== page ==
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    Passion Project for Staff Member Becomes Learning Experience for Students

    Christina Lenway and Howard Fisher
    November 17, 2021

    image-18.jpegChristina Lenway, the University's reading specialist and director of the Gonzaga Program, began to focus more on singing/songwriting as her kids got a little older. Now, six albums later, students in a radio production class at Scranton are remixing her songs for practice.

    Lenway has always loved singing, but her parents encouraged her to take a different path. Her passion for music remained, so when her three children, two of whom attend Scranton, became teenagers she started to write again. That was a decade ago. Her most recent album came out in October.

    "I write because I'm working out some existential questions," she said. "I find what is personal is usually universal." 

    fdh7bqixeaexr4d.jpgShe said writes mostly ballads that tend to be "raw and emotional" and the songs are meant to have imperfections. She spoke to Howard Fisher's radio production class about just that. It was important, she said, that they understand the meaning behind the songs before they began to remix. She also talked about the process of mixing a song, including understanding the feel behind it so they might interpret, for example, when to use extra reverb.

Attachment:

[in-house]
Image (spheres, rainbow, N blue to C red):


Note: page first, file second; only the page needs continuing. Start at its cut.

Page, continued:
The purpose of this project for the students is to mix different audio to "create one unified sound," said Dr. Fisher.

    "We’re fortunate because Christina is a professional musician who records her songs in a regional studio, and she was willing to let us use her original masters for this project," he said. "Each student is using their perspective to craft a unique sound for the different songs."

    Students learn the work of a sound engineer, he said, and Lenway will be able to hear several unique mixes of two of her songs.

    "My objective in writing is always to tell a story and have my listeners feel something," she said recently. "I feel like people shy away from hard emotions and hard conversations, so I try to gently open the door for that." 

    She hopes the students that she works with at Scranton feel that gentle opening of the door as well.

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